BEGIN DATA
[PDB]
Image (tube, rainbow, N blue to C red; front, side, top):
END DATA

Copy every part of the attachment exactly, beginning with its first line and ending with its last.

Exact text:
[PDB]
Image (tube, rainbow, N blue to C red; front, side, top):